Comparison of the British Parliament and the American Congress

7381 Words Nov 2nd, 2005 30 Pages
Comparison of the British Parliament and the American Congress

Németh Barbara

Szombathely
2005

Introduction
I write this essay with the aim of comparing the British Parliament with the American Congress. I personally think that everybody should know the major differences between political system of the US and the UK.
First of all, I would like to describe my technical conception in my essay. I separated it in two columns and on the left side I write about the British Parliament and on the other side about the American Congress. I tried to draw a parallel between the two systems and the columns, which are next to each other, examine the two institutes from the same aspect. After each section I summarized what has been written. Of
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The British Parliament is often called the "Mother of Parliaments," as the legislative bodies of many nations—most notably, those of the members of the Commonwealth—are modeled on it. However, it is a misquotation of John Bright, who had actually remarked on 18 January 1865 that "England is the Mother of Parliaments", in the context of supporting demands for expanded voting rights in a country which had pioneered Parliamentary government. The Congress of the United States is the legislative branch of the federal government of the United States of America. It is established by Article One of the Constitution of the United States, which also deliniates its structure and powers. Congress is a bicameral legislature, consisting of the House of Representatives (the "Lower House") and the Senate (the "Upper House").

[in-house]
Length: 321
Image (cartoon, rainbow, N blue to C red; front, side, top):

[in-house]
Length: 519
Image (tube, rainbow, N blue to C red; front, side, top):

The House of Representatives consists of 435 members, each of whom is elected by a congressional district and serves a two-year term. Seats in the House are divided between the states on the basis of population, but each state is entitled to at least one seat. In the Senate, on the other hand, each state is represented by two members, regardless of population. As there are fifty states in the Union, the Senate consists of one hundred members. Each Senator, who is elected by the whole state rather than by a district, serves a six-year term. Senatorial terms are staggered so that approximately one-third of the terms
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